High-Oleic Canola Oil Eligible for Heart-Healthy Claim

Posted: 11/26/2018

On Nov. 19, 2018, the U.S. Food and Drug Administration (FDA) authorized a qualified health claim that consuming the monounsaturated fat oleic acid in edible oils, such as high-oleic canola oil, may reduce the risk of coronary heart disease. After reviewing available scientific evidence, the FDA now allows the use of the following two claims associating consumption of edible oils containing at least 70 percent of oleic acid per serving and reduced risk of heart disease:

“Supportive but not conclusive scientific evidence suggests that daily consumption of about 1½ tablespoons (20 grams) of oils containing high levels of oleic acid, when replaced for fats and oils higher in saturated fat, may reduce the risk of coronary heart disease. To achieve this possible benefit, oleic acid-containing oils should not increase the total number of calories you eat in a day. One serving of [x] oil provides [x] grams of oleic acid (which is [x] grams of monounsaturated fatty acid).”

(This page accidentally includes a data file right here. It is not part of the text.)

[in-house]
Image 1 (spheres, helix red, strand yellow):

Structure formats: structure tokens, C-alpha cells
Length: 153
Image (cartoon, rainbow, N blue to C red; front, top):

“Supportive but not conclusive scientific evidence suggests that daily consumption of about 1½ tablespoons (20 grams) of oils containing high levels of oleic acid, may reduce the risk of coronary heart disease. To achieve this possible benefit, oleic acid-containing oils should replace fats and oils higher in saturated fat and not increase the total number of calories you eat in a day. One serving of [x] oil provides [x] grams of oleic acid (which is [x] grams of monounsaturated fatty acid.”

High-oleic canola oil is currently used mainly in commercial food service operations and food manufacturing due to its higher heat tolerance, greater stability and longer shelf life than regular canola oil.

icon USCA News Release 11.26.18

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